From the wall text: "Mother of Silence portrays the universe's divine feminine force, or World Mother as it is known in Theosophy. A spiritual movement focused on self-knowledge and encompassing ideas such as karma and reincarnation, Theosophy was developed in the late nineteenth century by Helena Blavatsky, a Russian émigré to the United States. Pelton depicts the figure as a 'Mighty Angel' on a throne of jade, encircled by an ethereal glow. To Pelton, the image was a living presence to which she could turn for guidance. Several of her journal entries record the questions she asked of it and the answers she received."
From the wall text: "Pelton created this work several days after moving from Long Island to Cathedral City, California, a small community near Palm Springs, where she witnessed a sand storm whose formlessness fascinated her. She described the picture's central image as a 'pale, clear blue sky' ringed with clouds 'seen through sand.' The rainbow beneath this image symbolizes the essential benevolence she saw in the universe. For the rest of her life, Pelton derived inspiration from the desert's vast, spare expanse."
From the wall text: "Pelton's Sea Change depicts the movement of water, which the artist regarded as a metaphor for spiritual transformation and the relinquishment of ego. Like many artists of her generation, she was deeply influenced by Wassily Kandinsky and his 1911 book, Concerning the Spiritual in Art. His theories affirmed her own belief in the inherent spirituality of art, as well as the need to dispense with realism in favor of painting from what the Russian artist called the 'vibrations of the soul.' Like Kandinsky, Pelton believed that art communicates the universal energies of both the seen and the unseen world through color, which functions like 'voice' or 'vibration' filling the viewer's consciousness. In her journal, she described the blue in this picture as an 'emotive color of astral body and astral wave' and the work's pale azure as a 'mystic blue . . . astral and spiritual.'"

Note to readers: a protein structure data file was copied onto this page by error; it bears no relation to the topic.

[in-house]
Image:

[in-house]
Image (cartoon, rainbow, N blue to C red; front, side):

The Art of Raymond Jonson and Emil Bisttram at D. Wigmore Fine Art
Installation of work by Jonson and Bisttram
Photo from the D. Wigmore Fine Art website
Bisttram and Jonson were at the center of the Transcendental
Painting Group, which they founded in 1938. Pelton joined them when she moved
West. “Join” is probably the wrong word, because while she shared an affinity
with them, she remained in California, although she maintained a correspondence
with the two.
“The group selected the term ‘transcendental’” to represent
them because of its universal sense of shared values that eschewed such
concepts as religion, politics, fashion, and commercialism in favor of
promoting a sense of the sublime, of connecting to the realm of the spirit.
While likeminded in their philosophies, the group was an eclectic bunch, with
differing painting styles, and not all of them lived in New Mexico the entire
time, although the core group did,” wrote Nancy Zimmerman in a magazine found in
the Transcendentalist Archive maintained by Addison Rowe Gallery in Santa Fe,
which, like D. Wigmore, retains an inventory of the two artists’ work..
Both Bisttram and Jonson came to abstraction via realism. By the time they founded the TSG, “both had progressed to full abstraction for the purpose of carrying paintings beyond the physical world through new concepts of space, color, light, and design,” writes Deedee Wigmore in her essay for the show. The exhibition of paintings by Bisttram and Jonson at Wigmore are, like Pelton’s, modestly scaled. To generalize, Bisttram, who worked in encaustic with a very light hand, focused on hard-edge geometric forms, while Jonson crosshatched with a fine brush in oil to achieve a uniquely textured surface for his curvilinear compositions. For work on paper he sometimes used watercolor with an airbrush to emphasize the softness of his shapes.
You can see the gallery's full catalog of their work and read Wigmore’s terrifically informative essay, which provides historical background for each artist as well as insight into their work. (There’s so much we didn’t learn in art history. Our galleries and museums allow us to continue the study.)
Here’s a look at some of what I saw.
Detail below showing the artist's airbrushed surface